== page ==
Maersk says trade war could remove 0.5% container demand in 2019 and 2020

Date: Monday, August 19, 2019
Source: Seatrade Maritime News

AP Moller-Maersk has warned that the ongoing US-China trade war is impacting growth, and it could “in isolation remove up to 0.5% of global container demand” in 2019 and 2020.

While global container trade grew by around 2% in the second quarter of 2019 compared to the year-ago period, there has been a broad-based slowdown in all major economies with negative effects from escalating trade restrictions also weighing on trade growth.

In April, the US raised tariffs on Chinese imports from 10% to 25% on goods with value equivalent to 2-3% of globally traded goods.

Later in early August, US tariffs of 10% on additional $300bn was announced to take effect by 1 September 2019.

“So far, US importers have shifted imports away from China to other countries such as Vietnam, Korea, Thailand, India and Mexico,” Maersk stated in its latest second quarter results report.

“The impact of the newly imposed tariff hike is expected to be significant for the US-China bilateral trade and could in isolation remove up to 0.5% of global container demand in 2019 and 2020, and when US tariffs on additional $300bn is implemented later in the year, it could result in a reduction of up to 1% in 2020,” Maersk stated.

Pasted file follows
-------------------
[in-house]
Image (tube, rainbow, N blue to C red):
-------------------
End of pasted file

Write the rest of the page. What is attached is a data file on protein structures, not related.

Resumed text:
The shipping group’s ceo Soren Skou warned that the low growth scenario is not expected to end soon, and there is a possibility of a recession, though it is unlikely to happen in the US in 2019 or 2020.

For the full year 2019, global container trade is projected to increase by 1-3%.

Uncertainties relating to the strength of container demand in 2019 pose a downside risk to freight rates in general, Maersk added.

Time charter rates declined by 18% year-on-year in second quarter but rebounded from the first quarter by 7.6%. Rates might rebound further in the coming quarters as the 0.5% sulphur cap on marine fuel from 2020 will lead to retrofitting of a significant part of the global fleet and weighs on the availability of vessels of more than 8,000 teu capacity.

 

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